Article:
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Couple Launches Houston's First Curbside Composting Service

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Houston's Solid Waste Management Department currently provides service to 390,000 homes. 

Curbside composting wasn't an option for the city's residents until 2020 when one Houston couple decided it was time to change their habits. The Stowers family, who lives in the city's Memorial neighborhood, sprang into action when they realized their family of five was taking out a bag of garbage every single day.

"One day I was taking the trash out, and I realized I was taking out trash pretty much daily," Jesse Stowers tells Waste360. "I was looking around my neighborhood and I said here's my family of five in this neighborhood and other families of four and five, and just multiplying that and thinking about the impact and thinking, well, this isn't sustainable. Where are my kids going to be in 15-20 years? They're gonna just be swimming in waste, because there's there's not enough room." 

Stowers and his wife Melissa then began to research how they could divert the waste they created from landfills. They gathered 25 of their closest neighbors for a pilot program and formed Happy Earth Compost, Houston's first curbside composting service.

"I had tried composting on my own before and I've heard a lot of people say they try it, and it doesn't work for them very well, because you it takes time and it takes effort. There's you have to tend to it," Stowers explains. "So, there are there are some demands on time. And having three kids makes it difficult to add new things to your time. The next step was, is there another option, and how can we still divert these food waste items and different compostable items and still make it doable for most people."

Getting Happy Earth Compost off the ground in May 2020 wasn't as simple as rounding up neighbors who were eager to change their ways. Keeping up with customer demands as the business continues its upward projection is always a challenge, Stowers says. In just one year, the company has gone from conception to 1,300 customers and growing.

"We've gone from myself running a lot of it to a point where I have four full-time drivers and three people working to manage all this stuff," he says. "There have been logistical challenges all the way through. It's been a learning experience, getting people on board and excited about doing it. We learn new lessons every day. The great thing is that when people hear about it, there are a lot of people who have always wanted to try it and want to make a difference."

Making people aware of the impact with the service has been one of the biggest barriers to growth for Happy Earth Compost. Price points are crucial as curbside composting is not part of the waste services the city provides.

Happy Earth Compost offers a wide range of options including monthly, bi-weekly and weekly pickups, with the lowest option priced at $15 per month. Stowers compares it Netflix's subscription service, which is more expensive.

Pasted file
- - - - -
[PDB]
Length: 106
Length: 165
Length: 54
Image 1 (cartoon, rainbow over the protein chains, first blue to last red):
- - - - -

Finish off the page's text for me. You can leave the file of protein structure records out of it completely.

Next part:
"We also offer drop-off options," Stowers explains. "You buy the bucket and then it's five bucks per drop off. It's pretty affordable. It's cheaper than a cup of coffee these days. So, we try to make it affordable for anybody that wants to do it. But there are people who have to stop because of financial reasons, and we can appreciate that and understand that. We just try to make it we try to be flexible, try to offer different things to different groups in terms of the frequency of pickup, and that's the best way we've been able to get more people on board with the price points."

Since the venture launched, Happy Earth Compost has picked up hundreds of contracts. Between commercial and residential contracts, the company diverts about 5,000 gallons of waste per week, a number Stowers says he never expected in this short amount of time.

"It's been a pleasant surprise, but definitely a surprise," he comments. "I really didn't know what to expect as we did it. I was hoping for interest and hoping to grow it just because I think it's very important, but it's definitely been a nice surprise to see how fast it's gone."

As for future plans, Stowers says Happy Earth Compost will continue its focus on waste diversion and growing its customer base. The company's focus on community outreach aims to educate both potential customers and a younger generation about the impact one bag of trash can make.

"[Composting] is such an easy way to divert what you put in a landfill where it basically becomes unusable. Whereas if you send it to a compost facility, you're taking something that was going to be unusable and converting it to something that is beneficial for the environment and for the land," Stowers says. " That's a key piece. And getting as many people on board as possible to do this type of thing."

Happy Earth Compost donates compost to Houston-area schools in an effort to generate awareness about food waste and environmental issues.

Stowers explains that "kids don't know any different. They share our views, our beliefs and what we do. My kids throw their stuff in a compost bin because that's what we do. I didn't when I was younger, and I didn't even think about it. Just building for the future involves educating children on the importance of doing these things as well."

The other piece to the puzzle involves encouraging people to move toward a sustainable mindset. 

"I think recognizing that we only have one planet, we only have one Earth and future generations have to live here too," Stowers says. "It's just getting people to start thinking about how little things matter."


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